3. The 20/20 Experience Is Wildly Narcissistic
This album is so unbelievably, hilariously narcissistic that I want to argue that might actually be about its own narcissism. Although the majority of the songs are directed at or describing relationships with another person, that person (“That Girl”, or the one in the dress he likes, or the one who is so good looking that he thinks he’s looking in a mirror) has no real substance.
The overpowering narcissism is best heard in the singles. In “Suit & Tie”, Timberlake gets caught up in the details of his own appearance, leading him to the hilariously tossed-off “and you’re dressed in that dress I like”. That really is the extent of his concern with her. And I love that. Starting with the hilarious “I be on my suit-and-tie-shit” phrasing, which is brilliant, he constructs the song as a tutorial, with the “Can I show you a few things?” of the intro leading to the “Let me show you a few things” hook running throughout the song. He switches between “you” and “she” repeatedly, but, as the song, its video, and its performances make clear, does it really matter who he is tutoring? He is wearing his suit and tie, and he is awesome.
“Mirrors” is even better. Here Timberlake updates Michael Jackson’s “Man in the Mirror”, only it’s actually the complete antithesis of that song. The basic thrust of the lyrics is: “You look so good that I think I might actually be looking at myself.” Just in case you aren’t familiar with the story of Narcissus, it’s pretty much that. And the four-minute outro is the sound of JT falling right in the lake. The best scrap of lyrics is “You reflect me, I love that about you / And if I could, I would look at us all the time”. The absolutely genius video downplays the narcissism of the lyrics by (a) being effectively sappy, (b) featuring really cute old people, and (c) keeping JT offscreen until the last two minutes.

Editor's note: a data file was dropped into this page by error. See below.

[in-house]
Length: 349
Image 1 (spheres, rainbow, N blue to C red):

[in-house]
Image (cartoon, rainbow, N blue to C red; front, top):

4. The 20/20 Experience Is Very, Very Good
Reports would indicate that Timberlake is not done with us this year, that the second ten songs of The 20/20 Experience will be revealed by year’s end. First, I don’t believe this. The back-to-back, same-year album release rarely happens, and it probably isn’t a good idea. After a year of radio domination — particularly given the large chunks of times that his songs demand — we will be ready for some time away from Timberlake, and I think he and his producers will sense this.
But, second, even with the overwhelming length of this album, its over-calculation, and its creepy narcissism, I love it. The two singles are great; “Don’t Hold the Wall” and “Tunnel Vision” are two strong shots at “My Love”-style excellence; “Blue Ocean Floor” is as good as any ballad he’s ever recorded; and most of the songs not mentioned in this sentence are worth their space in your iTunes. Whether or not the songs and the album will become as ubiquitous as FutureSex/LoveSounds remains to be seen; few people were raving about its importance or its excellence until well after its release. As with most pop albums, the measure of its impact and the cultural imprint that it leaves will be heard on the radio and seen on the charts. Until the album’s reputation cements itself, I will continue looking for a situation where I have 70+ minutes to listen to the album straight through. And maybe one day I’ll even get around to listening to those bonus tracks.